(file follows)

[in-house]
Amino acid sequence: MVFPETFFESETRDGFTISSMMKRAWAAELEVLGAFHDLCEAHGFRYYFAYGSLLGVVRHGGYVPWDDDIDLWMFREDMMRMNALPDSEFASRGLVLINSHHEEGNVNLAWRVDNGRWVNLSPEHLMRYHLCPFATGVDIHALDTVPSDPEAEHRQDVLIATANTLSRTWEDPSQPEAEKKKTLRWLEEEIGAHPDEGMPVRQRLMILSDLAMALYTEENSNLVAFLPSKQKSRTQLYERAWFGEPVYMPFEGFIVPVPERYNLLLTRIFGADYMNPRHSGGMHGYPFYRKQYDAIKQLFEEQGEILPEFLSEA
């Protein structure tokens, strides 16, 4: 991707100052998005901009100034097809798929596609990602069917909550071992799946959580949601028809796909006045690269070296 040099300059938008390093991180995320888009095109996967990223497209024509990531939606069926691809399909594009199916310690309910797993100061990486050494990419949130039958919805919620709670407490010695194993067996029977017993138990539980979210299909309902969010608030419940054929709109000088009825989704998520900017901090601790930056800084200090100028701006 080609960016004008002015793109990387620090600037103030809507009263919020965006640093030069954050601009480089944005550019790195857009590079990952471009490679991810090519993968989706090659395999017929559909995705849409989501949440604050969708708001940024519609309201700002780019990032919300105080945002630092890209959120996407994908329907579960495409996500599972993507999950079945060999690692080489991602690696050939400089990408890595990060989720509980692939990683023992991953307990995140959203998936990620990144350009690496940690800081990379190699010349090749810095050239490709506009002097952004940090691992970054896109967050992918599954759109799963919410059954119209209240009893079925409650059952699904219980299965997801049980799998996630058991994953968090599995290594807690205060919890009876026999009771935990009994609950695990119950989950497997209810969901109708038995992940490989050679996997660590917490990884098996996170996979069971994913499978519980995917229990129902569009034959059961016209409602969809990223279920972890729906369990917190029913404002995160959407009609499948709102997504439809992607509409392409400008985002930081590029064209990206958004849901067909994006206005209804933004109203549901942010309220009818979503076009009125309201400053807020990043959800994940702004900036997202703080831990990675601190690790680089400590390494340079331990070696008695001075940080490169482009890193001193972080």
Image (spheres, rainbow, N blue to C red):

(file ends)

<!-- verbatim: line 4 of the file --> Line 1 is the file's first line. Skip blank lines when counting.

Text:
Image (spheres, rainbow, N blue to C red):